CHICAGO – Molly Sutton finds it challenging to ignore a text message when she’s driving. The 18-year-old high school senior said it’s hard to wait until the next stoplight.
“I know it’s not safe because there’s proof with all the crashes and everything, but it’s one of those things you don’t think much of or you think you still have some control over,” she said.
Her friend Claire Quinn, 18, finds it annoying when someone in front of her drives slowly, but she doesn’t think she’s a risky driver.
“Where do I start?” said Quinn’s passenger, Matt Parilli, 17, cataloguing his friend’s driving shortcomings. “She’s crying in the car because there’s snow on the ground, or she’s in a rush to get to school.”
Since the dawn of the automobile, teenage boys have been pegged as the more aggressive and risky drivers, with inflated insurance bills to prove it. But the gap in driving risks appears to be closing, according to insurance industry officials and a new report from a major insurer.
The Allstate Foundation, part of insurance giant Allstate Corp., says in a newly released “Shifting Teen Attitudes: The State of Teen Driving 2009” that teenage girls admit to speeding, texting and acting aggressively behind the wheel more often than their male counterparts.
The trend hasn’t translated into females becoming as big a risk behind the wheel as males, according to insurers. But if the trend continues, that could result in higher insurance rates down the road.
“Experience still shows female drivers are safer than boys at this age,” Allstate spokesman Raleigh Floyd said. “Until those figures change, our rating isn’t going to change.”
Still, the overall risk factor for girls is rising as evidenced by insurance rates. Twenty years ago, it cost twice as much to insure a male teen driver as a female, said Thomas DeFalco, an actuary at the New Jersey Manufacturers Insurance Co. Today, young men pay between 20 percent and 30 percent more than young women.
“We’ve seen the difference between young men and young women getting smaller,” DeFalco said. “There is still a gap, but it’s getting smaller all the time.”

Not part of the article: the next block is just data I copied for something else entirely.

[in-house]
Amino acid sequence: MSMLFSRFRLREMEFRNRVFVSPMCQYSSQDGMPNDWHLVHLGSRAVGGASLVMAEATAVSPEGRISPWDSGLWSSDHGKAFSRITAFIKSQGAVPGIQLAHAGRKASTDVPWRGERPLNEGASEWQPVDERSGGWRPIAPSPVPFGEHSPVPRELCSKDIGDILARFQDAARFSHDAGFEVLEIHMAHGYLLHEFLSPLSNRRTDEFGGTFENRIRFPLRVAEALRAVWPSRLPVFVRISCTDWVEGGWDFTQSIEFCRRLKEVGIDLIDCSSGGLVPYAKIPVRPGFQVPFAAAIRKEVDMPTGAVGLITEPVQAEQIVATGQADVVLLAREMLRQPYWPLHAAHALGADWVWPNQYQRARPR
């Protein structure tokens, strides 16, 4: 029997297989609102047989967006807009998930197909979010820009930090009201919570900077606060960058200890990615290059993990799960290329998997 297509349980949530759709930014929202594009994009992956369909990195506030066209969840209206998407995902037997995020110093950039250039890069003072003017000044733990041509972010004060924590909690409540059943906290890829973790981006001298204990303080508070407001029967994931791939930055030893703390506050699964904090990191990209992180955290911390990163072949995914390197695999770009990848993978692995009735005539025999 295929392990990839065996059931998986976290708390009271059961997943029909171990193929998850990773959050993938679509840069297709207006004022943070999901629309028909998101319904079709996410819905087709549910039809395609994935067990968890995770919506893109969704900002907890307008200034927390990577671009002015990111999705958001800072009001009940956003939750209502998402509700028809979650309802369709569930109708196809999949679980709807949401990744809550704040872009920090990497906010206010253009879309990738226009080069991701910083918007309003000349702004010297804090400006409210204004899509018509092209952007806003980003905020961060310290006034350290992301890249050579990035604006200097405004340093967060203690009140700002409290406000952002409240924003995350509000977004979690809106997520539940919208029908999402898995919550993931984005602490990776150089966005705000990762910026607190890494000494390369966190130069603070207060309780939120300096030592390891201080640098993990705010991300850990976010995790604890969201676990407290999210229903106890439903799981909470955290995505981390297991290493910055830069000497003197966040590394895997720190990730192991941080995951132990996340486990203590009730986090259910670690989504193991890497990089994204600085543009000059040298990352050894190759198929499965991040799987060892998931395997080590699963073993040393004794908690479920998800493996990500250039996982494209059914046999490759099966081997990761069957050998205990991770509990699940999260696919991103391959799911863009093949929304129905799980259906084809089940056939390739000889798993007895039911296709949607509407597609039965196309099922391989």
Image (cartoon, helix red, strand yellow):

DeFalco said insurers don’t necessarily look at the reasons teen boys get into more crashes than teen girls, but they do set rates based on that difference. He said he doubted crash statistics of teen girls would surpass that of teen boys, but he added that doesn’t mean it couldn’t happen.
According to the Allstate study, one in four teen girls reported frequently reading and writing texts and e-mails while driving, compared with 15 percent of boys.
“They’re bored while driving, so they try to find other things to do,” said Kathy Clausen, co-owner of A-Adams School of Driving. “Most of them will tell you their parents do it.”
Clausen said instructors preach to their teen drivers about the dangers of using a cell phone or texting while driving.
“Texting is so insane,” she said. “I can’t believe people would think for a second they could handle that.”
According to the National Association of Insurance Commissioners, gender-based insurance rates are a tradition in the insurance world. Higher insurance rates for young male drivers related to the fact that they drove more frequently and, therefore, had a greater risk of getting into a crash than young female drivers, a spokesman said.
Differences still remain for young drivers, but most insurance companies no longer set different rates for men and women by age 25, according to the association.
Sam Belden, vice president at Insurance.com, said data compiled through the online agency show premiums for 16-year-old girl drivers have risen about $500 over the last two years, while those for boys in the same age group have been roughly flat.
“I think probably the biggest culprit is driver distraction,” said Belden, adding texting is a standout factor. “It’s a trend with everybody, but teens tend to text more. Between DVD players and video game systems and things that people are putting into vehicles, there are lots of distractions, for teens in particular who are less experienced in driving.”
Kristen Marzano, 17, has had her license for about five months and acknowledged sometimes she puts on her makeup or fixes her hair in the car – or tries to fiddle with the adapter for her MP3 player.
“It’s mostly I wait until the last minute to do everything,” she said. “If I’m going to drive, I’m running out the door, dropping things. I guess it’s just being disorganized.”
In the Allstate study, 16 percent of teen girls admitted to aggressive behavior behind the wheel compared with 13 percent of teen boys, but Marzano disagreed.
“I have an older brother; he just turned 20. Driving with him before I got my license, he seemed to be more angry whenever someone cut him off or took his parking spot,” she said. “He got pretty flustered.”